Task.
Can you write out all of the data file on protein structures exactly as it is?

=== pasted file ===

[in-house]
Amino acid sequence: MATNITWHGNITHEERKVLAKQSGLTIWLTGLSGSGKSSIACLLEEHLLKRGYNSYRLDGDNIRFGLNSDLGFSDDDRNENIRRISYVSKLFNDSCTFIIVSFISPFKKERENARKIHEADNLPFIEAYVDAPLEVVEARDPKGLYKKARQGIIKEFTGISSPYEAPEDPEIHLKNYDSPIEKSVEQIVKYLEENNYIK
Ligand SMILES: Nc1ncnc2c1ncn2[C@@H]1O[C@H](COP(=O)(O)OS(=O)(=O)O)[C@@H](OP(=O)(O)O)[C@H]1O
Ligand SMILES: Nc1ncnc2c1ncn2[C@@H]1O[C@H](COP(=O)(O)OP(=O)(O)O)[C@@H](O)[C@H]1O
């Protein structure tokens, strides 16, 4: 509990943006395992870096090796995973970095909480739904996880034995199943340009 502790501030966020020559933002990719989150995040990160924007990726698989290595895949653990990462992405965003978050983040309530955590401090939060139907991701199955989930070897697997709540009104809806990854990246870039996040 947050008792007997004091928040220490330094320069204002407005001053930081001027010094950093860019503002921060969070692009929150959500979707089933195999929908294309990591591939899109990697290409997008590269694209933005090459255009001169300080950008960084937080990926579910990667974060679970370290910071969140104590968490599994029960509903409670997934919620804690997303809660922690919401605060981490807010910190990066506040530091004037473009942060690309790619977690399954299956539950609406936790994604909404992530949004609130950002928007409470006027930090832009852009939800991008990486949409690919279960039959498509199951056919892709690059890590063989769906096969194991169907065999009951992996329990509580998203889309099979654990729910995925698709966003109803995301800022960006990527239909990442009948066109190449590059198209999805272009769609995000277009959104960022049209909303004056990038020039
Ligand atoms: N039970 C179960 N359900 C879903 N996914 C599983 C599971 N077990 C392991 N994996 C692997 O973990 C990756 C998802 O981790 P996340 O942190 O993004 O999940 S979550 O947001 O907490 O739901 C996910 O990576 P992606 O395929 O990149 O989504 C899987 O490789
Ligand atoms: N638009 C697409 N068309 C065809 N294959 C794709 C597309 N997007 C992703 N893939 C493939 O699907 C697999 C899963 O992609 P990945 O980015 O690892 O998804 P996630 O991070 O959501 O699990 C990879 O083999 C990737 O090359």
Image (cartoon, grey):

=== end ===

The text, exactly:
[in-house]
Amino acid sequence: MATNITWHGNITHEERKVLAKQSGLTIWLTGLSGSGKSSIACLLEEHLLKRGYNSYRLDGDNIRFGLNSDLGFSDDDRNENIRRISYVSKLFNDSCTFIIVSFISPFKKERENARKIHEADNLPFIEAYVDAPLEVVEARDPKGLYKKARQGIIKEFTGISSPYEAPEDPEIHLKNYDSPIEKSVEQIVKYLEENNYIK
Ligand SMILES: Nc1ncnc2c1ncn2[C@@H]1O[C@H](COP(=O)(O)OS(=O)(=O)O)[C@@H](OP(=O)(O)O)[C@H]1O
Ligand SMILES: Nc1ncnc2c1ncn2[C@@H]1O[C@H](COP(=O)(O)OP(=O)(O)O)[C@@H](O)[C@H]1O
């Protein structure tokens, strides 16, 4: 509990943006395992870096090796995973970095909480739904996880034995199943340009 502790501030966020020559933002990719989150995040990160924007990726698989290595895949653990990462992405965003978050983040309530955590401090939060139907991701199955989930070897697997709540009104809806990854990246870039996040 947050008792007997004091928040220490330094320069204002407005001053930081001027010094950093860019503002921060969070692009929150959500979707089933195999929908294309990591591939899109990697290409997008590269694209933005090459255009001169300080950008960084937080990926579910990667974060679970370290910071969140104590968490599994029960509903409670997934919620804690997303809660922690919401605060981490807010910190990066506040530091004037473009942060690309790619977690399954299956539950609406936790994604909404992530949004609130950002928007409470006027930090832009852009939800991008990486949409690919279960039959498509199951056919892709690059890590063989769906096969194991169907065999009951992996329990509580998203889309099979654990729910995925698709966003109803995301800022960006990527239909990442009948066109190449590059198209999805272009769609995000277009959104960022049209909303004056990038020039
Ligand atoms: N039970 C179960 N359900 C879903 N996914 C599983 C599971 N077990 C392991 N994996 C692997 O973990 C990756 C998802 O981790 P996340 O942190 O993004 O999940 S979550 O947001 O907490 O739901 C996910 O990576 P992606 O395929 O990149 O989504 C899987 O490789
Ligand atoms: N638009 C697409 N068309 C065809 N294959 C794709 C597309 N997007 C992703 N893939 C493939 O699907 C697999 C899963 O992609 P990945 O980015 O690892 O998804 P996630 O991070 O959501 O699990 C990879 O083999 C990737 O090359």
Image (cartoon, grey):